A German engineer and four Afghans held hostage in southern Afghanistan for nearly three months have been freed, German and Afghan officials say.
Rudolf Blechschmidt appealed for help in a video broadcast
Rudolf Blechschmidt, 62, was in the custody of the Afghan authorities, German Foreign Minister Frank-Walter Steinmeier said in a statement.
He and the four Afghans were handed over to officials in Wardak province.
They were seized by the Taleban on 18 July along with another German man, who later died during the ordeal.
Kidnappings have soared in Afghanistan in recent months, where foreign and Afghan troops are battling the Taleban.
Mr Steinmeier said the German ambassador in the Afghan capital, Kabul, had spoken to Mr Blechschmidt by telephone, Reuters news agency reports.
"We are all pleased and relieved," Mr Steinmeier said in his statement in Berlin.
The chief of Jaghato district in Wardak province, Mohammad Naeem, said five Taleban prisoners had been released in the swap.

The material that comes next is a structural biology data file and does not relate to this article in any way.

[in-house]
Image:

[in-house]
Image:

He said they were not senior Taleban commanders but they included the father of the kidnapper. They had been arrested as insurance to ensure the safe release of the hostages, he said.
A Taleban spokesman also told news agencies in Kabul the deal had been done and the five hostages had been freed.
Shortly after they abducted the Germans, the Taleban said they had killed both men because Germany had ignored a demand to withdraw its 3,000 troops from Afghanistan.
But in August Mr Blechschmidt appealed for help in a video broadcast on a private Afghan television channel.
He was seen lying on a sheet on the ground, clutching his chest and coughing on the video.
The other German took ill in captivity and he was shot dead soon after being held. His body was found on 21 July.
Since then negotiations have been going on, brokered by local elders, to secure the release of Mr Blechschmidt and his Afghan colleagues.
The BBC's Alastair Leithead in Kabul says the Taleban have increasingly been using kidnap of foreigners as a strategy in their insurgency, securing the release of prisoners and ransom payments in exchange for their hostages.